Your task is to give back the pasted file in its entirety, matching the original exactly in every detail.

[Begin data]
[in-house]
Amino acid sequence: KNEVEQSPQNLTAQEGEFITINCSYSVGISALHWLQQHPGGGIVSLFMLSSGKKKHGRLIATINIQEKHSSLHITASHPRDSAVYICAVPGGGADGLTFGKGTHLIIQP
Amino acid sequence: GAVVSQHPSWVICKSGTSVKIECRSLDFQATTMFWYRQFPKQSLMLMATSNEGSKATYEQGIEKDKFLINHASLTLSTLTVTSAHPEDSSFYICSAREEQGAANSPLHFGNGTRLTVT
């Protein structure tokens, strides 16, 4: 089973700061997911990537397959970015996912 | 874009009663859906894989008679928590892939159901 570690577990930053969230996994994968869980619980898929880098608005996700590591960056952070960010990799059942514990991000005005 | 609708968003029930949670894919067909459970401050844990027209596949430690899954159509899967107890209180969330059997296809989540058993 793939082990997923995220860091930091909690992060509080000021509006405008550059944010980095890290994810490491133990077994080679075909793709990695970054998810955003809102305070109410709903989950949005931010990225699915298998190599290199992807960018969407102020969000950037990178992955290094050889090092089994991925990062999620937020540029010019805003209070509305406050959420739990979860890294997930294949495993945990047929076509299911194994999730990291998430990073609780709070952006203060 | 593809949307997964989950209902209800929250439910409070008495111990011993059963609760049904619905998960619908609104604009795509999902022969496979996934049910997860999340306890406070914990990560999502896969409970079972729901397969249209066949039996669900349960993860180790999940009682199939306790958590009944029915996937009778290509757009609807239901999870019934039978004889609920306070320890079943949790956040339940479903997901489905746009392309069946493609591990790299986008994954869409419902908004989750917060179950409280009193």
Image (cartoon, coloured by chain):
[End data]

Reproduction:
[in-house]
Amino acid sequence: KNEVEQSPQNLTAQEGEFITINCSYSVGISALHWLQQHPGGGIVSLFMLSSGKKKHGRLIATINIQEKHSSLHITASHPRDSAVYICAVPGGGADGLTFGKGTHLIIQP
Amino acid sequence: GAVVSQHPSWVICKSGTSVKIECRSLDFQATTMFWYRQFPKQSLMLMATSNEGSKATYEQGIEKDKFLINHASLTLSTLTVTSAHPEDSSFYICSAREEQGAANSPLHFGNGTRLTVT
């Protein structure tokens, strides 16, 4: 089973700061997911990537397959970015996912 | 874009009663859906894989008679928590892939159901 570690577990930053969230996994994968869980619980898929880098608005996700590591960056952070960010990799059942514990991000005005 | 609708968003029930949670894919067909459970401050844990027209596949430690899954159509899967107890209180969330059997296809989540058993 793939082990997923995220860091930091909690992060509080000021509006405008550059944010980095890290994810490491133990077994080679075909793709990695970054998810955003809102305070109410709903989950949005931010990225699915298998190599290199992807960018969407102020969000950037990178992955290094050889090092089994991925990062999620937020540029010019805003209070509305406050959420739990979860890294997930294949495993945990047929076509299911194994999730990291998430990073609780709070952006203060 | 593809949307997964989950209902209800929250439910409070008495111990011993059963609760049904619905998960619908609104604009795509999902022969496979996934049910997860999340306890406070914990990560999502896969409970079972729901397969249209066949039996669900349960993860180790999940009682199939306790958590009944029915996937009778290509757009609807239901999870019934039978004889609920306070320890079943949790956040339940479903997901489905746009392309069946493609591990790299986008994954869409419902908004989750917060179950409280009193």
Image (cartoon, coloured by chain):